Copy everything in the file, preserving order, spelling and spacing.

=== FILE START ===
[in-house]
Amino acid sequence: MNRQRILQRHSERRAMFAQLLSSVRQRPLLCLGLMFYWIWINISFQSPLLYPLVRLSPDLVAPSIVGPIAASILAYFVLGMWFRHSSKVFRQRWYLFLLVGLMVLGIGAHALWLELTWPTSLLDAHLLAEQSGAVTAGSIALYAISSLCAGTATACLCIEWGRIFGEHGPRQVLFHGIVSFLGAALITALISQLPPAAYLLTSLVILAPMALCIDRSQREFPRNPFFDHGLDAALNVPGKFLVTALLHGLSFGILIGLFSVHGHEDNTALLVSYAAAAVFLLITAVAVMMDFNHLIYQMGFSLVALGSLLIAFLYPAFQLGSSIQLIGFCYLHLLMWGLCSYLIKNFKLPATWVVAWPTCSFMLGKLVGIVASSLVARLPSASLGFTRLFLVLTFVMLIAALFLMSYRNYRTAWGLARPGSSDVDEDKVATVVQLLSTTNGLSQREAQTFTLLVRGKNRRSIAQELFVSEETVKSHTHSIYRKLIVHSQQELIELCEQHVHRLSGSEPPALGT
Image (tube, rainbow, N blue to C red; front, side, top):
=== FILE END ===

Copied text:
[in-house]
Amino acid sequence: MNRQRILQRHSERRAMFAQLLSSVRQRPLLCLGLMFYWIWINISFQSPLLYPLVRLSPDLVAPSIVGPIAASILAYFVLGMWFRHSSKVFRQRWYLFLLVGLMVLGIGAHALWLELTWPTSLLDAHLLAEQSGAVTAGSIALYAISSLCAGTATACLCIEWGRIFGEHGPRQVLFHGIVSFLGAALITALISQLPPAAYLLTSLVILAPMALCIDRSQREFPRNPFFDHGLDAALNVPGKFLVTALLHGLSFGILIGLFSVHGHEDNTALLVSYAAAAVFLLITAVAVMMDFNHLIYQMGFSLVALGSLLIAFLYPAFQLGSSIQLIGFCYLHLLMWGLCSYLIKNFKLPATWVVAWPTCSFMLGKLVGIVASSLVARLPSASLGFTRLFLVLTFVMLIAALFLMSYRNYRTAWGLARPGSSDVDEDKVATVVQLLSTTNGLSQREAQTFTLLVRGKNRRSIAQELFVSEETVKSHTHSIYRKLIVHSQQELIELCEQHVHRLSGSEPPALGT
Image (tube, rainbow, N blue to C red; front, side, top):